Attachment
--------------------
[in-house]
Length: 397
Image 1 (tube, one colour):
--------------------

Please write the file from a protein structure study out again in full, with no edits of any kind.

[in-house]
Length: 397
Image 1 (tube, one colour):